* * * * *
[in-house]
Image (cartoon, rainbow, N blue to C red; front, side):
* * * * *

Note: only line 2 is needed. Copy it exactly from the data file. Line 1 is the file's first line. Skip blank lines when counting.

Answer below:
Image (cartoon, rainbow, N blue to C red; front, side):